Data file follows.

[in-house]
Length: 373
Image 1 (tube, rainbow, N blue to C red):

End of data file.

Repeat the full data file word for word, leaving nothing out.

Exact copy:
[in-house]
Length: 373
Image 1 (tube, rainbow, N blue to C red):